3.5 BEGINNING OF MOTION
The initiation or ceasing of motion of sediment particles is involved in many geomorphic and
hydraulic problems including stream stability and scour at highway bridges, sediment
transport, erosion, slope stability, stable channel design, and design of riprap. These
problems can only be handled when the threshold of sediment motion is fully understood.
Beginning of motion can be related to either shear stress on the grains or the fluid velocity in
the vicinity of the grains. When the grains are at incipient motion, these values are called the
critical shear stress or critical velocity. The choice of shear stress or velocity depends on: (1)
which is easier to determine in the field; (2) the precision with which the critical value is
known or can be determined for the particle size; (3) the type of problem. In sediment
transport analysis most equations use critical shear stress. In stable channel design either
critical shear stress or critical velocity is used; whereas, in riprap design critical velocity is
Equations for determining the shear stress on the bed of a stream are given in Chapter 2,
Section 2.4.5. The average shear stress on the boundary is given by τ0 = γ RS. Where γ is
the unit weight of water, R is the hydraulic radius and S is the slope of the energy grade line.
In wide channels (width equal to or greater than 10 times the depth) R ≈ y, the depth. Other
relations give the shear stress in terms of the velocity of flow.
It may not be sufficient to determine the average value of the critical shear stress or velocity
because both quantities are fluctuating. For the same mean values, they may have larger
values that act for a sufficiently long enough time to cause a particle to move. In addition,
the forces on the particle resulting from the flowing water, waves, and seepage into or out of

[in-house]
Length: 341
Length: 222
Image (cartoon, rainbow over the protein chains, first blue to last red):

the bed or banks affect the beginning of motion.
In this section, the following topics are discussed: theory of beginning of motion, Shields
experimental relationship and its modifications, equations to determine the relation between
flow variables (depth, velocity or discharge) and sediment size, tables giving observe values
between flow variables and sediment size, and figures for determining the flow or sediment
variables at beginning of motion.
3.5.2 Theoretical Considerations
When the force of the flowing water (as measured by the shear stress or velocity) is less than
some critical value, the bed material of a channel remains motionless. Then, the alluvial bed
can be considered as immobile. But when the shear stress or velocity over the bed attains or
exceeds its critical value, particle motion begins. In general, the observation of particle
movement is difficult in nature. The most dependable data available have resulted from
The beginning of motion is difficult to define. This difficulty is a consequence of a
phenomenon that is random in time and space. When the shear stress is near its critical
value, it is possible to observe a few particles moving on the channel bottom. The time
history of the movement of a particle involves long rest periods. In fact, it is difficult to
conclude that particle motion has begun. Kramer (1935) and Buffington (1999) proposed
four levels of motion of bed material.